ROSEMARY Goring writes that, if the Labour Party is able to form a government following the imminent General Election, and was able as a result to implement its election manifesto, including the abolition of all fee-paying schools, it would be guilty of “crass social engineering” (“The class system is still strong, but we all have to change”, The Herald, November 27).

We are where we are today with the divisions in education, I believe, because a glaring opportunity was missed to take action by the Labour Government of 1945-51 at the end of the Second World War. That Government , under Clement Attlee, proceeded to take radical action in many strategic areas of British life, such as the formation of the NHS, the nationalisation of many essential utilities, the development of National Insurance, the involvement with Nato, and the production of the atomic bomb. When all these other fundamental matters were being addressed, why did the Labour Government stop short in the field of education where social hierarchies were being reinforced?

It is clear that, when push came to shove, it was a step too far for various members of that Labour Government, including the Prime Minister, who had attended English public schools themselves. Attlee had attended Haileybury, Stafford Cripps, Minister of Trade, then Chancellor of the Exchequer, had attended Winchester, Viscount Stansgate, Secretary of State for Air, had attended Westminster, and Hugh Dalton, Chancellor of the Exchequer before Stafford Cripps, was an Old Etonian. The pill of facilitating the demise of their schooling alma maters was obviously too big to be swallowed.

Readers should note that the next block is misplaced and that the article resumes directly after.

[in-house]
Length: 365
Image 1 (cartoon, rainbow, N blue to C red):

Ian W Thomson, Lenzie.

Woodland joys

GIVEN the performances going on above ground by Boris Johnson, Jeremy Corbyn, Jo Swinson, Nicola Sturgeon and others, it was quite a relief to be treading over muddy ruts in the ancient wood under which lies the great mycelium network, supporting the fungi on view.

What a pleasure to leave behind the constant bickering in the run-up to Election Day and only have the trees and their friendly companions, the fungi, for company. They form interdependencies, relationships, quietly working for the mutual benefit of the wood ... so peaceful and enjoyable.

I have to agree with Shakespeare in A Midsummer Night's Dream when Titania, in thrall to Bottom The Weaver, says, "out of this wood do not desire to go". Perhaps the people mentioned above might, like Bottom, but hopefully without his ass's head, take to spending time under trees and acquiring a feeling of peace, community and good sense; and possibly a sprinkling of magic.

It is not Midsummer, it is almost Winter, but one can always dream.

Thelma Edwards, Kelso

Sat dumbstruck

CONTINUING the theme of Russell Smith's letter (November 28), the misuse of eldest and best instead of elder and better appears to be on the increase. Equally the cringeworthy phrase "I was sat…" often used by TV journalists is yet another example of language being distorted for perceived descriptive purpose.

Allan C Steele, Giffnock.

Enema of the people

JOHN Macnab (Letters, November 28) mentioned Jenner`s storage facility in Edinburgh.(Tuesday 28th) As a child we had a caravan in Peebles and passed said building on our visits to Edinburgh. We always irreverently remembered it as Jenner`s suppository.

George Dale, Beith.